Adrian Daniel: Reviving a generation with sad songs

By Kevan Olsen

Last Friday, rising R&B artist Adrian Daniel performed for the University Program Board spotlight series at Taylor Down Under. This young singer draws his inspiration from the world around him as well as from his hometown of Brooklyn, New York. He looks to evoke emotion and remembrance in his audience through his music. He grew up with music - his godfather introduced him to the xylophone at a young age, and his craft took off from that point. Recently, he has expanded on his fan base with his connection to Spotify and an article that appeared on MTV’s “The Wrap Up.” His latest album “Disillusions” features one of his latest hits “Devoted,” a song about heartbreak and lost love. His music flows with the percussion on the track, filling you with sound and an intense rhythm.  

His sound is electric yet classic - it’s no wonder why he was noted as being one of the most influential up and coming talents at the 2017 Northside Festival. His performance consisted of “sad songs” but that didn’t stop TDU from getting loose. This was Adrian’s first time to JMU and hopefully not his last. R&B has been reawakened, and WXJM writer Kevan Olsen was privileged enough to sit down with him and ask him some questions before the show.

Kevan: How do you like the city so far?

Adrian: It reminds me a lot of North Carolina, it’s pretty familiar to me. We went to Oregon, it’s pretty similar to the Oregon state vibe. I like it though so far, it’s pretty cool.

Kevan: I know you’re from Brooklyn - how does that tie into your music?

Adrian: Brooklyn is like one of the most important aspects of my music. I don’t know if you’ve ever been to Brooklyn, but it’s such a multicultural environment, and so diverse, and it’s a lot like my music. It takes on whatever mood I may be in. You know, growing up there …  it’s not easy growing up in Brooklyn, where I grew up wasn’t the nicest neighborhood. But there is a realness that it gives you, you have to be honest, you know, because people will notice that very quickly in New York if you aren’t true and real they will pick it up and eat you alive. You have to be very strong and honest and confident in yourself.  I feel like that really comes up a lot in my music.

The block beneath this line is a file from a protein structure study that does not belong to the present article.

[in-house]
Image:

Kevan: What do you like to do in your free time when you aren’t singing?

Adrian: I’m into anime a lot, like I love playing Destiny 2, we just got it.  I was playing it all day and whooping a** in Crucible. I’m into comics, I’m really like a big kid. We went by Marvel the other day and I loved it. I was zoned out, geeked out, I’m into all that. But when I’m not doing that, I’m a big movie buff. I love regular normal stuff, like I skate, I love girls. Yeah, really love girls.

Kevan: What does R&B represent to you?

Adrian: Really, just emotion. You know rhythm and blues, like I said, it’s a lot about emotion and talking it has a rhythm to it so that’s really all it is. It’s being as open and honest as possible while making people believe you, that’s the thing about R&B music - when you say certain things, you don’t question whether or not they are lying about it, like if they actually experienced it before. You have to really believe them. 

Kevan: So how did you find your voice what brought you to singing?

Adrian: Well, I was always singing - just badly though. I was singing a lot when I was a kid. My godfather was a great jazz musician. He played the xylophone, so when I was like 6 we would go to his house. He had money and a limo so we would think, oh yeah we’re going to play games and watch TV, but nah - we would go there and he would say ‘lesson time.’ I didn’t want no lesson at 6, like I want to play. But you know, he forced us to learn to play the xylophone so that was my first real introduction to music. My mom used to play nothing but like Michael Jackson, Queen and Journey in my house when I was a kid so you know that just rubs off on you after a while. You start to sing the songs, you learn about who it is, and as you get older you really find out about who made those songs like, oh that’s who wrote that song, I didn’t know that. I think that for me it was a lot of Michael that rubbed off on why I sing the way that I do, a lot of Michael and Prince and Stevie - all of that. I always used to want to sing like Greg Mercury. He had this voice that was just like, I don’t know, it just commanded your attention, you know, when he sang. Listening to people like that, you know, that’s who I wanted to sing like, still badly at first, but you know.

Kevan: So, what does the future hold?

Adrian: I don’t know man, but I’m just going to be awesome though -  just be super awesome at all times, you know what I mean? No matter where you go or what you do, just being awesome. Like you know Michael Jackson wore a jetpack on stage, that’s it - like I want to be on Michael’s level. Once I get there, then I'll figure it out from there.



Photo courtesy of Ryan Jay